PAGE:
Saturday, 11 February 2012

Portus Hannibalis

Location of the Arade River

A commercial port Portus Hannibalis was identified in Algarve only by Pomponius Mela: "In Cuneo sunt, Myrtili, Balsa, Ossonoba; in Sacro Lacobriga, et Portus Hannibalis; in Magno, Ebora". (De Chorographia, 3,1,7,)

The location of the original site is unclear.

Although the port may have played a part in the conquest of southern Hispania by the Barca clan, it is likely that the port was founded well before the time of Hannibal Barca; Hannibal was - after all- a common Carthaginian name.

There are three main possibilities:
- André de Resende initiated of the controversy over the location of Portus Hannibalis in "Alvor", due to the identification of the ruins of "Alvor-Velho", which he attributed to the Carthaginians (See Alvor above).
- Other authors preferred a location in the estuary of river "Arade", nearby "Portimão" (Porcimunt)
- Others locate it in the area of Sagres

The first two possibilities are both near Portimao in the Faro District of the Algarve region in southern Portugal:
  • Alvor (historically Ipses/Ipsa, al-Bur), and the Alvor River 
  • Silves on the Arade River
Both have archeology and local traditions linking them them to the Phoenicians and Carthaginians and both were probably founded well before Hannibal Barca's time - Hannibal was, after all, a common name.

Both sites have ancient castles, but the Arade River is now silted up.

At Alvor the castle dates from much later - in the 7th century - although it was based on a Phoenician, later Greek and Carthaginian forts, constructed themselves on a Lusitanian 'castro' or fort.

The castle is in a dominant position on a hill, opposite the Atlantic Ocean. The fort would later would be the basis of the Roman settlement Barcínia. It was later conquered by the Arabs who named it Albus, beginning a process of development that lasted until the Christian fort was destroyed by the 1755 earthquake: the walls of this fortification are the only remnants of this castle.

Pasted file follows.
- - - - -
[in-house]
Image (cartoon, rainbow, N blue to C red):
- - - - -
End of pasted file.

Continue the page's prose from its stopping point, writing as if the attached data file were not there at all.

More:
A panoramic landscape of the Alvor River - Source: Wikipedia
The first visitors to the Algarve were probably the Phoenicians, who arrived in the region around 1,000 BC and had soon established trading posts along the coast. Attracted by the natural harbour on the wide estuary of the River Arade (Alvor), the Carthaginians founded a major port near what is now Portimão around 550 BC. Romans settled here, naming it Portus Hannibalis.

Statistical analysis of Lusitanian, Italic, Punic, Baetican, Gaulish and African amphorae, recovered in 1973 and 1983, during the dredgings of the river Arade in the Algarve, lead to the conclusion that at the mouth of the Arade there was a relatively important port (i.e. Portus Hannibalis") and that some of the amphorae came from the remains of Roman shipwrecks.

However, theories that variously identify Portimão with Portus Hannibalis, Portus Magnus and Porcimunt remain controversial.

The final possibility is at Sagres, with a location in a bay and settlement near Cape Saint Vincent on the ancient Sacred Promontory.

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